I’m not crying, you’re crying — A moving final curtain for Candlelight — podcast
by Mick Rhodes | firstname.lastname@example.org
It’s all about Ben, and always has been.
That’s the late Ben Bollinger, co-founder of the Candlelight Pavilion, whose 37-year run officially came to a close Sunday when his much-loved theater went out in style, with a sold out crowd on its feet and tears flowing onstage and throughout the house.
Though he died in 2018, the larger-than-life patriarch’s presence still loomed Sunday. As Mick Bollinger, his son and successor as master of ceremonies at the Candlelight, stepped up for the final time to thank the cast, crew, staff and audience at the Claremont dinner theater, the emotional weight of the moment was profound.
I was sure crying, and even my 12-year-old son shed a tear as Mick got to talking about his late father.
“So, to talk about him on his stage, in his house, was the only thing that I didn’t have the strength to muscle through,” he told me Monday.
Both Mick, 58, and his sister, Mindy Teuber, 52, worked at the Candlelight since they were teenagers. They were at the helm as general manager/vice president and producer, respectively, from the time their father stepped aside late in his life.
That Mick broke down Sunday was no surprise to his sister.
“He was a crybaby, an absolute wear your heart on your sleeve crybaby, which was beautiful,” Mindy said of her dad. “And he had a brother, who, anytime my dad spoke publicly, would usually stand somewhere behind him and step in and pick up the pieces. So, interestingly in our family I have assumed that role for Mick, who is just exactly like my dad.”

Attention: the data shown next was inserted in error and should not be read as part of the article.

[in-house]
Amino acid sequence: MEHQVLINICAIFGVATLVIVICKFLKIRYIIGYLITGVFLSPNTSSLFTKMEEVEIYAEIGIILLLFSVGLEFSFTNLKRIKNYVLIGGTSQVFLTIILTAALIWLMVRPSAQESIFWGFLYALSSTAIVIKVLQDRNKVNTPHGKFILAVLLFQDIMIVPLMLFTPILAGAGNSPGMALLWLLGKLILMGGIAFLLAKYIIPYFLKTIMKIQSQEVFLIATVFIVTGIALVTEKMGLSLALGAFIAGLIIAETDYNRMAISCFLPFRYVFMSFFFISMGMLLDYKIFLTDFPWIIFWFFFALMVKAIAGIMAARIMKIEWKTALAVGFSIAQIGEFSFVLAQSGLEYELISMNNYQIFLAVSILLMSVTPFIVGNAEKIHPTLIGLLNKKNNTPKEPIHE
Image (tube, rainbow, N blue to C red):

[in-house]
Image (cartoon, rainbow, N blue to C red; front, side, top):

Mick became a treasured, natural front man for the Candlelight, just like his father. His years as a self-described class clown in high school, his affable nature, and comfort with the spotlight prepared him well for the role, even if he didn’t see it coming.
“I always say the world needs more Micks, because he just loves people, and loves to show his love for things, and through that is usually with a bit of tears,” Mindy said. “So, I have kind of learned to be a bit more stoic if that’s the right word, knowing that at any moment I might be stepping in to speak for him.”
Mindy shed her tears in private.
“I try and hold it together as best I can, knowing there can’t be two crybabies in the house,” she said.
On Sunday, performers and musicians from throughout the Candlelight’s history joined together with new faces to close it out in bravura style. The final show was a powerhouse tour-de-force of what the Candlelight did best; the stage was bristling with talent, which only served to remind everyone of what we were all losing. Hence the tears.
Among the sold out crowd of 300 were 50 members of the Bollinger family. Matriarch Lois Bollinger, who took over sole ownership of the Candlelight after husband Ben’s death, was among them. Standing onstage at the end of it all, with the crowd still applauding, she was, at 82, the picture of elegance and poise.
“It was very emotional,” Lois said of the last show. “We’re proud of what we did. It filled a need, and it filled it very, very well. We’re very proud.”
Both Mindy and Mick used the same word when asked what it was like to mount the final four-week retrospective show, “Candlelight Jubilee.”
“Not only does it take a toll on you, you have to let it fuel you, because of the fact that love fuels anything, man,” Mick said. “That’s what brought us through the whole thing.”